Notorious Heaven’s Gate cult committed mass suicide and castrated members

Heaven's Gate became one of the most notorious cults of the 20th century after 38 members and its leader committed mass suicide in matching black tracksuits and sneakers.

The American cult that became one of the first to embrace the internet era as it went from reclusive group to recruiting members online.

The group’s beliefs were a blend of Christianity and extraterrestrials with God being an alien.

Founder Marshall Applewhite told followers he was the second coming of Jesus and that the end times were coming.

On March 26 in 1997, 38 members at Applewhite were found by police with black Nike trainers poking out from a large purple cloth.

The group committed mass suicide with the intention to free themselves from their bodies so the souls would ascend to a spacecraft flying in the wake of the passing Hale-Bopp comet, where they would be taken to their new home.

Members were wearing matching tracksuits and trainers and consumed apple sauce laced with barbiturates.

This was then washed down with vodka before each person put their head in a bag before laying down with the purple shroud over them.

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There were 21 women and 18 men who were discovered dead at the Heaven’s Gate home in California, known as "The Monastery".

According to reports, the members were split into three groups and died over a period of three days.

Their last meal they had together before the suicide was salad with tomato vinegar dressing and a turkey potpie, reports the Los Angeles Times.

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The matching Nike trainers and tracksuits were staple for Applewhite and were a must for all members due to his love for the brand.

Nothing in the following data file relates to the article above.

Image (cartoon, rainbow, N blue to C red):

Heaven’s Gate even used the slogan "Just Do It" but used Applewhite’s nickname of Doe instead.

According to Rolling Stone, an unworn pair of the same Nike trainers worn by the cult, which Nike discontinued, was discovered in a storage unit and went on eBay for £6,000.

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Although the group thrived in the 90s, it was founded by music teacher Applewhite and nurse Bonnie Nettles in the early 1970s.

The two met during Applewhite’s stay in a psychiatric institution and would later rename themselves Bo and Peep.

Nettles and Applewhite were reportedly huge sci-fi fans and had a love of Star Wars.

They formed a group known as “the crew” and would travel around Southern California before Nettles died battling cancer in 1985.

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Following her death, Applewhite changed the group's philosophy by telling his followers that death was necessary for the transformation, resulting in the mass suicide several years later.

Applewhite also invented a loyalty test where he would ask his followers a question on what they would spend $100 (£75) on with the correct answer being a wedding ring.

He would then hold marriage ceremonies where he would wed his followers.

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According to a HBO docuseries, Applewhite required members to be genderless and where unisex attire.

This reportedly meant that male members had to be castrated by a doctor due to sex being seen as a drug.

However, prior to medical professionals carrying out the surgery, one member cut off his testicles and the evidence was then thrown off a pier before the man was taken to hospital.

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Each member was given a new name on joining the cult but they had a strange rule that all had to be six letters and end in “ODY” with the whole name being capitalised.

It is believed that some surviving members of the cult are still secretly active with the group's website still operational to this day.

The strange videos spreading Applewhite’s beliefs, and convinced so many online, are still available online including his final message before the suicide.

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